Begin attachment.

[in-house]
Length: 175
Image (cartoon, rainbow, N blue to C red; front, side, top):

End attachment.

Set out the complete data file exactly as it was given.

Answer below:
[in-house]
Length: 175
Image (cartoon, rainbow, N blue to C red; front, side, top):